Texas Spared Worst of Blackouts as Harvey Brings Rain, Not WindBy
Storm’s strongest winds missed fourth-largest U.S. city
About 345,000 Texas customers are still without power
The widespread devastation Hurricane Harvey has unleashed on Houston and across Texas won’t include historic power failures.
While the storm’s damages are still mounting, Texas utility regulators have estimated power losses at about 345,000 customers, well below blackouts from previous major storms including Ike, which hit Houston and Galveston in 2008. They’ve also fallen short of a forecast of 420,000 customers by university researchers from Texas, Michigan and Ohio.
Harvey’s biggest threat to Houston turned out to be rainfall, not winds. Though flooding from the storm has devastated the city, displacing residents and causing billions of dollars in damage, Harvey had weakened considerably from its earlier Category 4 status by the time it reached Houston after making landfall in a less populated area.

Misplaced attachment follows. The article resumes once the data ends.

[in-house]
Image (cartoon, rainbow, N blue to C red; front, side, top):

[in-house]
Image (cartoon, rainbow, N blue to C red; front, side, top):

“Initially, it was forecast to be much stronger wind-wise when it hit Houston, ” Seth Guikema, an associate professor at the University of Michigan who is part of the research group, said by phone Tuesday. “It meandered more and got much weaker before it hit Houston.”
The team lowered its forecast to 350,000 customers blacked out on Saturday after Harvey made landfall between Corpus Christi and Houston. Ike, in contrast, made a more direct hit on Houston and Galveston, ultimately leaving 3.9 million U.S. customers without power.
Damage from Harvey, however, may mean that some areas along the Texas coast won’t see service restored for weeks or months, the Edison Electric Institute, a Washington-based industry group, said in a statement.
Flooding has prevented crews from reaching many parts of Houston, delaying power restoration, Houston electric utility owner CenterPoint Energy Inc. has said on its website. AEP Texas put on hold a restoration target for Bay City after mandatory evacuations ahead of high waters.